BELFAST, Maine — The fashion show had a catwalk, swivel-hipped models and an appreciative audience that “oohed” and “aahed” when a particularly lovely outfit came parading by.
It also had a lot of history.
The show, “A Day in the Life … Notable Women of Belfast and Their Fashion,” filled St. Margaret’s Parish House to capacity Saturday afternoon. As local women and girls modeled vintage gowns, tea dresses, walking ensembles, nightwear and lingerie, Megan Pinette of the Belfast Historical Society and Museum talked about how women deeply influenced Belfast between the 1890s and the 1920s.
“The 20th century brought extraordinary changes to women’s worlds in the home and outside of the home,” Pinette said. “The first decade of the century saw the creation of Waldo County Hospital, the Belfast Girls’ Home, Belfast City Park and the Home for Aged Women. Each of these institutions made an important impact on life in the city, and each lasted through the 20th century and into the 21st. Belfast women were the critical driving force behind each.”
She said that upper-class women were still second-class citizens because they were not permitted to vote, seek public office or hold management jobs.
“These remarkable women insisted on establishing a basic social infrastructure for the city, and they succeeded,” Pinette said.
Two little girls walked out on the runway, each wearing white lace dresses and sporting big white bows in their hair.
The two helped to illustrate the Belfast Girls’ Home, which was opened in 1895 and was the first and only home of the kind in the state. Girls between the ages of five and 14 who were not able to be cared for by their parents or relatives came from all over the state to learn how to help themselves in a noninstitutional environment.
The home closed its doors in 1950, when it merged with the Sweetser Children’s Home, Pinette said.
As women grew more active and sought more public roles as the 20th century began, their clothes changed, too. Tight corsets and uncomfortable boning gave way to looser, more practical garb.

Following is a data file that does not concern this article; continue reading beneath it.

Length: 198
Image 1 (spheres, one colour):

Models showed off gowns that showed the altering fashions of the day as Pinette spoke of World War I and suffragettes. By the 1920s, flapper fashion had lost corsets.
“And waists,” Pinette said.
But women gained the vote in 1920, and the oldest woman to register in Belfast was 94. Altogether, 872 women registered to vote. Some announced they were going to run for office. And in 1924, the first woman police officer in Waldo County was hired to look after children at night and manage contagious diseases “of a private nature,” Pinette said.
At the end of the parade of fashion and history, Pinette told the audience — mostly made up of well-dressed ladies — that she appreciated the chance to see the gowns outside of the museum.
“It really was truly wonderful to see the dresses come to life,” she said.
Cathy Heberer of Belfast said that she enjoyed the fashionable trip through time.
“It’s just amazing to me, how they brought all the clothing and the happenings of that period to life,” she said. “It was just beautiful.”
Pinette will give a talk about how women shaped Belfast at 7 p.m. Monday, May 21 at the Belfast Free Library.